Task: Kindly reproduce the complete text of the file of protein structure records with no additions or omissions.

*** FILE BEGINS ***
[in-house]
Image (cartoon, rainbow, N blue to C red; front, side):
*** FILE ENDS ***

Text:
[in-house]
Image (cartoon, rainbow, N blue to C red; front, side):